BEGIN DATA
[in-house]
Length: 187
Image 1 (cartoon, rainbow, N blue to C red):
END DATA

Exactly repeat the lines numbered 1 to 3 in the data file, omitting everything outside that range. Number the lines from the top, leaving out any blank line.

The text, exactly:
[in-house]
Length: 187
Image 1 (cartoon, rainbow, N blue to C red):